For What It's Worth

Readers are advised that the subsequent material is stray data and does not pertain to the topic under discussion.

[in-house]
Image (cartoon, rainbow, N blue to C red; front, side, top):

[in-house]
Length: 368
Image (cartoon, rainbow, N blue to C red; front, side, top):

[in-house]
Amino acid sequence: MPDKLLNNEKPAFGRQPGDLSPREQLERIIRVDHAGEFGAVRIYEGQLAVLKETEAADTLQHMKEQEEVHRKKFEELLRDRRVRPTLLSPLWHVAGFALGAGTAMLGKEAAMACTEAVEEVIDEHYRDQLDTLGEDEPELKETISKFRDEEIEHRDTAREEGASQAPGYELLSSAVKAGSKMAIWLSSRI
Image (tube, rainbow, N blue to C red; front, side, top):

I'm pretty sure my opinion on the current political landscape will not make any headlines beyond this website but for what it's worth I think what I'm hearing from President Obama via interviews and statements in the press is among the wisest thoughts I've heard from a politician in sometime. I would call the current Republicans from the far right "hostage takers". When a minority holds up legislation that benefits the many in order to obtain rewards for the few, what else would you call it? By the same token, the swaggering, defiant stand that you don't make deals with hostage takers sounds a lot like the unilateral language of the previous administration that created much of the current problems. Sometimes hostages get hurt or killed. Of course that doesn't happen on the hyped up crime dramas on TV which seems to be where many people are getting their version of reality these days. Sometimes you make a deal and you compromise. When did the compromise become a dirty word? I remember when I worked in radio and would get all kinds of advice about programing. People would earnestly tell me that "all their friends" love this song or show or whatever. I would try to share that "all their friends" put together made up about a tiny fraction of the listening audience. In fact, I'd say that my days in broadcasting were a great learning experience. Not everyone likes or wants exactly the same thing and yet you can provide a product that satisfies a large portion of the population. The editorial page of your favorite news outlet isn't sacred text, it's an opinion. Your opinion or mine is one part of the greater whole. And I don't say "It's JUST a part of the greater whole", that would minimize the value. Our opinions and beliefs are vital to the big picture, we ARE the big picture but that picture isn't going to look like only one persons vision. Could the President get a better deal from the hostage takers? perhaps but time and history don't stop when a deal is made. Compromise, in my opinion, moves you forward to the next opportunity. The swaggering tough guy from crime fiction who makes no deals is sometimes left standing all alone at the end of the day with nothing to show for the bravado. I'd rather be walking forward.

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